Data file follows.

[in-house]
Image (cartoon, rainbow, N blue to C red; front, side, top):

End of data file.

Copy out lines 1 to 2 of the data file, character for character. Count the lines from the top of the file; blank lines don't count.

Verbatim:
[in-house]
Image (cartoon, rainbow, N blue to C red; front, side, top):